I’ve just returned from a lazy week on the island of Mallorca, off the coast of Barcelona, Spain. I spent a week catching up with my other half; he’s been living in Palma since March, working for a design agency he adores.
Palma is a small beach town built around an old shipping port. While it’s no longer used as such, the town has been a go-to destination for Northern Europeans chasing the sun during summer months. And why wouldn’t it be? Palma’s full of incredible restaurants, bars + shopping and is in close proximity to gorgeous beaches + seaside towns for day trips.
We spent our mornings sipping cappuccinos and indulging in Fibonacci’s delicious pastries, while checking emails using their free wifi. Recently profiled by Monocle, Fibonacci is known to have some of the best bread in Palma + roast their own espresso.
Each afternoon, we traveled to a different beach to laze the day away with a beer and a book. If you walk for 15 minutes along the water from the port in Palma, heading east, you’ll hit Playa de Palma. The beach is 4.6 km long of pure white sand and warm turquoise water and is surprisingly not busy given its close proximity to Old Town. Another great option is to hop on the city bus headed southwest to Illetas Beach, about 30 minutes from the city centre. The beach is flanked by two high end hotels in a gorgeous cove. On nice days this beach is a popular destination, so expect it to be very busy. There are also day trips you can plan to visit quieter, remote towns. We opted for a day trip to Soller on the northwest coast of the island. We took a train through the mountains and orange groves, stopping in Soller for a quick bite to eat before hopping on a tram to Port de Soller for some beach time. If you make it there check out the restaurant Nautilus, propped high in the mountains, and ask the waitress for directions to the swimming hole nearby. Hands down, the best swimming we did on the trip.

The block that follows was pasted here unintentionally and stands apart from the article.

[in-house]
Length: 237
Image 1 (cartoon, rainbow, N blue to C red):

After spending long days in the sun, it was time to eat and Palma didn’t disappoint. Eat like the locals and make your way out around 9:30pm; restaurants + bars are pretty empty until then. Seeing that my other half had been living in Palma for almost four months, he took the lead + brought me to his favourite spots. Bar Flexas in the Placa Major neighbourhood serves up sharing plates made with fresh local produce and ingredients, including an amazing salad with tomatoes, corn, tuna and poppy seeds. A classic octopus dish was elevated with a spicy paprika-based sauce + chunky sea salt. Close by, Amor de Madre serves some of Palma’s best pinxtos + cocktails. Pinxtos are small snacks typically served on a slice of baguette and include toppings such as Iberico ham, tomatoes, varieties of cheese + fish (sardines, tuna + anchovies). Duke in the Santa Catalina neighbourhood is owned by a pair of globe-trotting surfers who serve up pan-Pacific Asian dishes inspired by their travels. We shared a plate of ceviche, a tapas sampler including prawns and escargot + an amazing bottle of $8 house red wine.
Traveling to the island is relatively painless; there are numerous flights from Madrid + Barcelona every couple of hours. Hotels are reasonable and AirBNB is popular across the island. Palma’s transit system is easy to navigate and taxis are plentiful – though expensive. Language was never a barrier; pretty much everyone speaks English fluently.
Though Mallorca is a tiny island, it packs a punch with gorgeous scenery, beautiful beaches, amazing food + welcoming residents. I’d go back in a heartbeat.